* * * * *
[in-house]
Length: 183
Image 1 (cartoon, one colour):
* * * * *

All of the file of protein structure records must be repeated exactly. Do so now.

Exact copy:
[in-house]
Length: 183
Image 1 (cartoon, one colour):